July 18, 2010
(info about Steve Young)
With a true fighting spirit
Athletic quarterback, Steve delivered many times exciting passes and made staggering runs to the delight of the San Francisco 49ers supporters. He accumulated an impressive 4,239 yards by the ground and, to this data, one must add the 43 running-touchdowns he made which places him first concerning this subject for his position. With his vision, his comprehension of the game and his passing abilities, he gained 33,124 yards by air as the seasons went by. He was simply an electrifying quarterback who combined with success passing and running. The numerous performances he realized as a starter led him to be named most valuable player of the National Football League (NFL) in 1992 and 1994 as well as for the Super Bowl XXIX. His teammates will probably never forget that this athlete native of Salt Lake City was truly intense during the matches and also during practices. He never did things halfway even when he was a substitute player. It was probably due to his determination and desire to perform. Anyway, the number 8 was a team player and he understood well the purpose of each one in order that the team with the red and gold uniform would be dominant on the field. The waiting, the bad results in his early career and his progress through the years led him to appreciate a lot the victory of the Niners at the 1995 Super Bowl in the Joe Robbie Stadium in Miami where he was brilliant. He delivered six passing-touchdowns which is a record for a final game. His style was captivating and no one knew what strategy he will use to make the ball move forward, but one thing was sure, the American player always gave everything he got. A quite uncommon playing style in the NFL! Oh yes, Steve was an amazing player to watch.
The phone-interview took place on June 11, 2010 at 14:10 when Steve was in California, United States.
Tough road to success
Thomas Kieller: Steve, you learned your job as a quarterback the hard way. You started your career with the Los Angeles Express of the late United States Football League where you played two years. L.A. was not doing so well. After this episode, you were drafted by the Tampa Bay Buccaneers and you played there also two years and it was tough again. What did you learn from these two experiences as a person and as a football player?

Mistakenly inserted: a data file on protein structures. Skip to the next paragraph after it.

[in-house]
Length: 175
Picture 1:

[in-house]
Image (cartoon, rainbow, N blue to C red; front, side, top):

Steve Young: First, I had a tremendous amount of success in high school and in college and suddenly when I started my professional career with those two teams, I lost way more than I lost in the past. No one likes to lose and, of course, the point in football is not that. However, in every competition there is losing. So, people can talk about it and in any flowery manner but there are ways that makes losing useful. I have learned it. Those ways are that you never give an inch and that you take every bit of positive criticism and critiques to prevent it to happen again. You can take just as much or may be more from a loss than from a win. I was forced to deal with that and it made me tougher. It made me understand better the notions of respect and honour when the things went well later in my career.
Thomas: So, it was useful those four years with L.A. and Tampa Bay?
Steve (says with a joyful manner): It was awful but useful.
Thomas (laughs when he hears Steve’s last answer): After Tampa Bay, you were traded to the San Francisco 49ers. Joe Montana was already the starter quarterback and we know he was doing quite well. So, compared to Los Angeles and Tampa Bay, the situation in San Francisco was completely different. You were the back-up quarterback. How did you manage your limited time on the field?
Steve: I really focused on my preparation even though I knew that I will probably not be on the field. However, I tried to prepare myself as if I was going to play and I think this attitude was frustrating for the people around me. In a way, I was pushy and I was relentless but I did not know how else to do it. I was not a very good player watching. So, the limited time I did play, it was always positive. I cannot remember a time where I went in for Joe who was hurt or some other situation and it did not do pretty well because I over-prepared myself for so long.
Thomas: So, you pushed a lot?
Steve: Well, I’m sure that you can call it a lot of different things but yes you can describe it like this, I was pushy.
Runner and passer
Thomas: As a quarterback, you were an electrifying runner. We can remember many examples such as the great escape against the Minnesota Vikings. And yes, it gave good vibe to the viewer. What made you so effective as a rushing quarterback?